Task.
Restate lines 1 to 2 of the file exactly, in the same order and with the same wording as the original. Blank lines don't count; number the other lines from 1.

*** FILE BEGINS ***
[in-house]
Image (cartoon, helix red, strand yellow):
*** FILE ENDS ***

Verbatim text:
[in-house]
Image (cartoon, helix red, strand yellow):